With teen suicide and substance abuse escalating concerns,
there’s a need to erase the stigma in asking for help, officials say.
By Lisa Finn, Patch Staff
Sep 10, 2019 4:36 pm ET | Updated Sep 10, 2019 4:39 pm ET
(Patch file photo / Lisa Finn.)
SOUTHOLD, NY — On World Suicide Prevention Day, Southold Town officials are joining forces to help shine a light on the need for an increase in mental health services for families and young people
Dr. Anne Smith and Denis Noncarrow, Southold Town government liaison, spoke with the Southold Town board at their work session Tuesday about an event scheduled by the North Fork Coalition for Behavioral Health. “A North Fork Town Hall Forum: Improving Access to Services for Families and Youth,” will be held on Thursday, Oct. 3 from 8:30 a.m. to noon at the Southold Recreation Center, located at 970 Peconic Lane in Peconic.
Those in attendance will be able to meet with regional providers for the treatment and prevention of mental health issues and substance use disorders; collaborate with local school districts, as well as town, county and state officials to advocate for enhanced services for families and individuals on the North Fork; engage in a question and answer session; and avail themselves of resource tables.
At the work session, Smith and Noncarrow said the meeting was a way for organizations to come together and detail what they could offer young people and their families in regard to behavioral issues. In additions, they said there has been effort to spotlight communication and “lower the stigma” long associated with asking for help with mental health concerns.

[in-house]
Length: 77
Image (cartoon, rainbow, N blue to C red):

“This forum is another way to get the word out that there are many methods of help out there and it’s easy to ask,” Noncarrow said.
Southold Town Supervisor Scott Russell said the forum was “a vitally important initiative for a young population who need assistance but, who have been under-served in the past.”
In April, Noncarrow and Smith also met with the town board to discuss state funding for mental health initiatives, including a request for “immediate compassionate crisis intervention and followup” for young people and school-aged children.
The North Fork’s program, they said, was modeled after the South Fork’s program for youth in crisis. In crisis situations, Smith said, “lowering the amount of waiting time is key to the children.”Area schools, they said, had been meeting with representatives of Family Service League; the goal was to inform the public that enhanced services were available on the North Fork. Being able to have a counselor available to a student in need within a day is critical, they agreed.
Smith said she was approached by New York State Senator Ken LaValle to participate in the North Fork Coalition for Behavioral Health; the goal, she said, was embracing the concept of an integrated delivery of services, with social workers present in pediatricians’ offices. Physiological and social issues are not separate situations medically, she said.
“One of our goals is to get the stigma reduced and step in before the crisis,” Smith said. “We want to have compassionate support teams ready to go.”
“There was a time when there was nowhere to turn to get help,” Southold Town Councilman Bob Ghosio said. “Here’s an opportunity to get help out here.” In the past, those opportunities were “few and far between” and students had to head west for services. The vision is to see a mental health center in Riverhead, Noncarrow said. Smith pointed to the new diversity center that opened this year in Hauppauge.
The ideas, she said, is to “stem the flow away from the hospital experience, which is somewhat traumatic,” and provide immediate intervention services close to home.
“This is probably one of the most important initiatives we’ve undertaken,” Russell said. In 2018, with teen drug use and suicide an escalating concern on the North Fork, funding was secured to help bolster the town’s youth mental health initiative.